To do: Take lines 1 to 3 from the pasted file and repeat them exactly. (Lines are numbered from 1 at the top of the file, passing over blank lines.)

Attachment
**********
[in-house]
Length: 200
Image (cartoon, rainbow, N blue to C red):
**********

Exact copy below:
[in-house]
Length: 200
Image (cartoon, rainbow, N blue to C red):